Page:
Dealing with the death of a child on the first anniversary

The first anniversary of your child’s death is very difficult, as are many other “firsts.” Above all, parents do not want their child to be forgotten. Many go out of their way to make sure this doesn’t happen, particularly on and after the first birthday or anniversary after death.

An insight from a grieving mother, who felt a great need to do something special on her son Scott’s birthday eight months after his death, shows one way she celebrated his life. She organized a birthday party for him and recorded the entire event so that she would have something to remember and always remember. She invited Scott’s close friends and some of her own who had known Scott all his life. She asked each person to bring a memory story about Scott. It can be a serious or funny story or a combination of both.

In the weeks leading up to the party, he went through the photos he had, selected about 50 of them, and put together a presentation with music and slides to show to the guests. She also put up many of the scrapbooks she had and displayed items from Scott’s life in the main room: his awards, his football jersey, her graduation photo of him, etc. Friends appreciated seeing items that remind them of times spent together.

This mom also chose a special image and used it to make T-shirts for all the guests. When she arrived, she handed them out and asked the guest to wear his shirt for the celebration.

She cooked Scott’s favorite food: hamburgers and onion rings and made a black forest birthday cake, another favorite, with ice cream. When everyone had finished eating, memory stories were told and then they were given a small piece of paper to write a short message to Scott and attached to a helium balloon. In the backyard, a poem Mom wrote was read and a balloon release sent all the messages to heaven.

She ended the party with a short speech about how she appreciated everyone coming and that she hoped this was the start of something good that each of them could do each year on Scott’s birthday to help each other and remember their beloved with love. friend. Everyone was encouraged to visit a children’s hospital with little gifts of stuffed animals, make a donation to an organization in Scott’s name, start a scholarship at the school he attended, donate blood to help others, just light a candle on that special day or any other idea of ​​your choice.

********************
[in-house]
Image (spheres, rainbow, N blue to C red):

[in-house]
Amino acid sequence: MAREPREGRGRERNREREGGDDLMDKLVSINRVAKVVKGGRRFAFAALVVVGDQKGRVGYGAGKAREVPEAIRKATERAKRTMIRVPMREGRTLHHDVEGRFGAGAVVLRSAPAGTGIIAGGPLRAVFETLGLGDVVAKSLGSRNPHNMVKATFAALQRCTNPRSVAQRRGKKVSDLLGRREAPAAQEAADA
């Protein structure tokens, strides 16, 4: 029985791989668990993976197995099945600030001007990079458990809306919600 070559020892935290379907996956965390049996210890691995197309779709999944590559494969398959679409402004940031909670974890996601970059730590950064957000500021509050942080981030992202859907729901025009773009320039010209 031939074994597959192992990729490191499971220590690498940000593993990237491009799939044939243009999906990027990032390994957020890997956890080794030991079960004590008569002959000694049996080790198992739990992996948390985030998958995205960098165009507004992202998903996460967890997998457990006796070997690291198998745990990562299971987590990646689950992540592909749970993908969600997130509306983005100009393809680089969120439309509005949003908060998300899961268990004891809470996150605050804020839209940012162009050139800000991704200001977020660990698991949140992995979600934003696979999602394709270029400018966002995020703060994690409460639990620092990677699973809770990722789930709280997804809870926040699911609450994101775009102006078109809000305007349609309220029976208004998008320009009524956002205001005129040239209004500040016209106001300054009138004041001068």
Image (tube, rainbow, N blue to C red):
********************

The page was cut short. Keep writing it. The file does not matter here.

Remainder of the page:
This was his way of celebrating Scott’s life and encouraging his friends to find some good in this horrible tragedy. He could only hope that his words would find a place in each of his hearts.

As for me, I always go to the cemetery that day, bring flowers and talk to my daughter, telling her how much I, her husband and his friends miss her. A mother I know has held an annual golf tournament since her son was a golfer. Another is involved in MADD and speaks to high school students about drinking and driving, and yet another has started an online memorial page where others can go and leave messages and memories. Friends may want to get together and plant a tree in her name and maybe even place a plaque in the area. There are many things one can do.

Save anything you were sent or given after your child’s death, so you can look back with loving thoughts. Best of all, reaching out to others who are grieving will help you in your grievance process as well.

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